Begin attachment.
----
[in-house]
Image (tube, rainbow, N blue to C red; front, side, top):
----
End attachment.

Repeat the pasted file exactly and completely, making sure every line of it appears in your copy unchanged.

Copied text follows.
[in-house]
Image (tube, rainbow, N blue to C red; front, side, top):